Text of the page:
Anatomy of a Yoga Class
The Nuts and Bolts of Teaching a Yoga Class
By Patricia Mason & Carla Bazemore
BookBaby (Paperback Edition, Nov. 19, 2015), 92 pages
This book maps out the basic anatomy of a yoga class:
- 4 typical components: centering, warm-up, asanas, and relaxation
- lesson plans
- pose sequences
- physical class space
- music selection
- student etiquette
- and of course, teaching
Reasons to put The Nuts and Bolts of Teaching a Yoga Class on your bookshelf:
- Stick Person Dictionary: various poses are drawn in stick format. The corresponding English and Sanskrit names are provided.
- “Teach, don’t do”: Patricia and Carla discuss how the class isn’t about the teacher — the students are there to learn not watch a show.
- Silence isn’t bad: teachers don’t have to fill every breath with instruction. There is a point where more direction becomes counterproductive and overwhelming. Too much talk could turn students away.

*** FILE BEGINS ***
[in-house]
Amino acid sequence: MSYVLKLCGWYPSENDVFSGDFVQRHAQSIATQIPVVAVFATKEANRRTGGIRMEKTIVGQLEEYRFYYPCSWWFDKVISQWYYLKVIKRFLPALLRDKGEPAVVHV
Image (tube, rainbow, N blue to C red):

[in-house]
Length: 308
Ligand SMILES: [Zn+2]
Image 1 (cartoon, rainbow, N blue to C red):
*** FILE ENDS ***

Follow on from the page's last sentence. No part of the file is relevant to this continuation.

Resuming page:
- Niche: finding a specialization and how this can help teachers find work.
- Favourite quote: “Beginners need these cues; advanced students need to be reminded of them.”
The stick person dictionary is a handy tool. It’s like a Picture-to-Word translator. I could see that stick drawings would be more helpful to quickly remember your lesson plan — rather than staring at a page full of words and trying to figure out where you are in the sequence. Patricia and Carla also speak to the complicated role of the yoga teacher — yoga teachers must evaluate their students but not judge.
The Nuts and Bolts of Teaching a Yoga Class is meant for a specific audience: yoga teachers, in particular new teachers. This book would be a useful supplement to yoga teacher training curriculum. Nuts and Bolts feels like a warm blanket you could take with you when first starting out as a teacher. It would be great to see Patricia and Carla produce a longer version.
YogaShelf Rating 4/5.
The Nuts and Bolts of Teaching a Yoga Class is available on Scribd, Amazon, Bookbaby and Walmart.